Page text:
Saturday, 8 March 2014

Book #9 Tarantula by Thierry Jonquet


Tarantula by French writer Thierry Jonquet is the novel upon which Pedro Almodovar based his 2011 film The Skin I Live In.

When I saw The Skin I Live In I thought it was quite breathtakingly original and I was floored by the films central twist.

To read Tarantula was odd then because I knew exactly what was coming and was unsurprised which takes the central shock value of the book away, but even without the foreknowledge of the having seen the film, the books events are heavily signposted in a way that the film just wasn't (at least for me)

The film made several departures from the book too, and with the exception perhaps of the end, which should have stayed true, were just better ideas.

Those parts which focused on Alex over Richard and Eve were just plain dull at times.

You'll note that I have said very little of the plot or events in this review, that's because The Skin I Live In was just such a jaw dropping film that I would hate to ruin it for anyone.

I feel that I cannot say the same of Tarantula which just doesn't have the same impact.

Verdict : 6/10

Book #8 The Guernsey Literary And Potato Peel Pie Society by Mary Ann Shaffer & Annie Barrows

The Guernsey Literary And Potato Peel Pie Society

The Guernsey Literary And Potato Peel Pie Society was recommended to me by my friend Jennie from Book Club.

Annie Barrows was Mary Ann Shaffer's niece and worked to get her novel completed and published posthumously, it is lovely to find out that Mary Ann died knowing that her book would be published worldwide even if she didn't get to see this happen.

The story takes place on Guernsey during World War Two, which as many know but increasingly many don't, was, though British territory, occupied by Nazi Forces during the war.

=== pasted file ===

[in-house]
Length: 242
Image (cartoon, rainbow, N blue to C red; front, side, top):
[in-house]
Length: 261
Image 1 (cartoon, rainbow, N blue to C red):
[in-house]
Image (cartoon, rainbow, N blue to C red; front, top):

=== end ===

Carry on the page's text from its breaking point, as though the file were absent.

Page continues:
We pick up the story post-war in the 50s as writer Juliet, formally a war columnist, casts about for her next project. Her project finds her when she strikes up a correspondence with Dawsey Adams and subsequently his friends and begins to learn what the Islanders went through during wartime.

Though it is set during a really grim and grueling period of history for Guernsey there is something just persistently joyous about this book. Told in letters, the voices of the different characters come through really well and each maintain uniqueness, often it is funny, the letter written when Juliet requests a character reference from a woman who hates her for example. Often it is quaint, but in the best of ways, all 'Jolly Ho!" and "Toodle Pip!" the vernacular of the day really shines through, and feels genuinely authentic.

I loved all the supporting characters as much as the lead, and I liked how the writer managed to trick me into making an incorrect assumption about a relationship. There is something just so heartwarming about it all. The phrase 'testament to the human spirit' gets bandied about in lots of literary criticism but in this case it genuinely applies.

Some might dismiss this as 'fluff' and perhaps a 'girls book' but they would be guilty of being a book snob to do so.

I thoroughly enjoyed this novel and would give it 10/10